Humors

The doctrine of humors (from the Latin for liquid or fluid) refers to the ancient Greek theory of the four bodily fluids: blood, phlegm, choler (yellow bile) and melancholy (black bile) that determined health and temperament. Humoral theory formed the basis of western medicine and had tremendous influence up to the 19th century. The common practice of blood letting, for example, wasintended to rid the body of excess humors. Even such innovators as Franciscus Sylvius (1614-1672), who examined the chemical basis of disease, still kepttheir systems within the general framework of a humoral explanation. WilliamHarvey (1578-1657), who proved that blood circulated in the body, was attacked by many of his contemporaries for trying to demolish established ideas.

Humoral theory was an extension of the earlier writings of Empedocles (504 to443 B.C.), who proposed the universe and everything in it wascomposed of four cosmic elements, fire, air, earth, and water. These elements in turn were each associated with warm, cold, dry, and moist qualities. Itwas Hippocrates of Cos (c.460-c.377 B.C.) who proposed that an imbalance of the bodily humors resulted in pain and disease, and that, conversely, maintaining a balance of the fluids was the key to good health. For example, according to humoral theory, epilepsy was caused by phlegm blocking the airways, andseizures were the result of the body trying to free itself. Humors could be influenced by many factors in the environment: congenital (present from birth), accidental, or the result of natural phenomena. Hippocrates also believed the humors were essentially glandular secretions, that is, they originated inthe heart, brain, liver, and spleen. The trick was to keep the bodily fluidsin balance both with one another and with influences from outside.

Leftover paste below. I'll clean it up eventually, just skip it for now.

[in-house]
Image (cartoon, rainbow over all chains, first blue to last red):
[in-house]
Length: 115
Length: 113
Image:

Galen (c.130-c.200), the Greek-born court physician to Marcus Aurelius, enhanced the doctrine of the humors with another aspect, that of the four temperaments. These were features of personality that reflected the influence of particular humors: sanguine (from blood), or buoyant; phlegmatic, or sluggish; choleric, or quick-tempered, and melancholic, or dejected. Thus, not only general health but emotional stability depended on an appropriate balance among the four bodily humors. An excess of any one could produce illness or an exaggerated personality trait. Over time, "humor" came to mean any personality quirk. Elizabethen and Renaissance literature often featured humor characters whose monomaniacal passions served to point out human weaknesses.

Even in its heyday, humoral theory was not universally accepted. In 300 B.C., the Greek anatomist and physiologist Erasistratus held that health and disease were intimately connected with the pneuma, a subtle vapor permeating the air people breathe. Asclepiades of Bithynia (124 B.C.-c.40 B.C.) taught that disease results from physical states of the solid particles he believed made up the body, a concept derived from the atomic theory of the 5th century philosopher Democritus.

Other medical traditions also embraced a kind of humoral theory. The ancientChinese believed the body to be composed of five elements (earth, fire, water, wood, and metal) and they understood health to be a balance between these various elements. In India, the theory of tridosha (three humors) was the basis of the Ayurvedic system of medicine. Wind, bile, and phlegm were substances held to be present in all living creatures. Imbalance or derangementof these humors, or doshas, owing to diet, wrong conduct, or environmental conditions resulted in ill health and disease. Correcting the imbalance broughtabout a cure. The Hindu concept of doshas as a fundamental principle in Ayurveda shares many similar features with Galen's concept of humors in Greek medicine. Nevertheless, each system defines the terms by referring to their ownphilosophies and histories, and with that in mind some scholars of Ayurveda emphasize the differences rather than the similarities.

In 1858 with publication of Rudolf Virchow's (1821-1902) work showing that the basis of human disease is to be found in the cells, humoral theory fell outof favor. But humoral ideas remain pervasive as folk traditions among many people in the way they experience and describe their illness. Moreover, traditional medical systems such as Ayurveda and Unani continue to emphasize the role of humors in the course of their routine clinical practice.

User Contributions:

Comment about this article, ask questions, or add new information about this topic:

CAPTCHA


Disclaimer
The Content is not intended as a substitute for professional medical advice, diagnosis, or treatment. Always seek the advice of your physician or other qualified health provider with any questions you may have regarding a medical condition. Never disregard professional medical advice or delay in seeking it because of Content found on the Website.